On Monday I gave a talk at XML 2007 titled XHTML 2 for Publishers: New opportunities for storing interoperable content and metadata. It used a lot of material from the article Put XHTML 2 to work now that I did for developerWorks, but with a greater focus on the potential value to publishers.
The session that preceded mine in the Publishing Track room was Where are XML authoring tools today, where are they going, and what do we want?, in which Marc Jacobson of Really Strategies moderated a panel discussion on XML authoring by representatives of Just Systems XMetal, Xopus, and Adobe. A major theme in that discussion was how Microsoft Word has set people’s expectations for a writing environment, and a minor theme was how people learning about XML-based authoring can be intimidated by a huge number of elements to learn about possibly using for their document.
I had an idea, and discussed it with several people during the question session after my talk: how about having people author editorial content in XHTML 2? While previous versions of HTML were useful for little more than shipping pages to browsers for display, the additional structure, semantics, and metadata that you can add to an XHTML 2 document make it a more reasonable option for authoring content that may end up being used in a variety of media. There are plenty of people who have created web pages and don’t expect to use Word to do so, so they don’t have the expectation of a B button to bold text, an I button to italicize, and change bars to identify revisions. They’re already familiar with the basic elements of HTML, and the few new XHTML 2 ones they’d have to learn (for example,
h for headers and the
section element) are intuitive enough for them to pick up without much trouble.
If I was going to set up such an authoring environment, I’d customize the XHTML 2 schema to impose a few more constraints, none of which should appear illogical to people who’ve created web pages before and none of which would make the documents invalid XHTML 2. For example, instead of letting authors put
h2, and other header elements anywhere they wanted, I’d remove the
h6 elements from the schema and only allow
h elements as the first element of
section elements. (Perhaps I’d even require
h as the first element of a
section element, depending on the content being authored.)
To add additional semantics, I might make XHTML 2’s new
role attribute required for certain elements and specify a list of allowable values that could be entered there—again, depending on the content being authored. If an application that used this content needed XML that was not XHTML 2, these values could be used as hooks to transform the content to conform to another schema.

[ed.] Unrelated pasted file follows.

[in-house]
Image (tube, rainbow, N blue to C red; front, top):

Metadata would also depend on the needs of the shop setting up the authoring environment, and because mixed content isn’t an issue for this, XForms or InfoPath forms would be a sensible way to gather this information and then insert it as RDFa in the appropriate places in the document.
There are cases where this wouldn’t be a good idea, but there are cases where it could be a good idea. It fits in well with the main thesis of my talk: unlike all versions of HTML being developed before (or concurrently with) XHTML 2, XHTML 2 can be useful for more than just shipping pages to browsers for display.
We have found XHTML2 to be perfect for legal documents. The defined elements in XHTML2 cover all structural requirements and RDFa allows the creator to add stuff from the legal domain.
On a national level we define a basic vocabulary for law makers. Each government authority can then add their own domain specific information in the same document. In the end, the XHTML2 document carries a lot of information and can be parsed from different perspectives and be converted to HTML/PDF/Whatever.
I foresee that XHTML2 may be great for this type of work but I doubt that it will ever become the preferred way to create web pages.
On the downside (currently) is the lack of tool support. We implemented our own in-browser editor to create legal documents (e.g. it has buttons for “legal paragraph” and other things from the domain). We have also extended MS Word.
What do you use when you want to provide an editor for people who shouldn’t see the XML (i.e. WYSIWYM)?
I haven’t assembled such a system for others, and for my own work I use Emacs+nxml (see http://www.snee.com/bobdc.blog/2007/04/using_xhtml_2_schemas.html ).
After nearly five years at LexisNexis, I found it very interesting to hear that you use XHTML 2 for legal documents. What governments are using this (or working toward doing so), and is the documentation available on the public web? Has it been a problem that XHTML 2 is still in Working Draft status?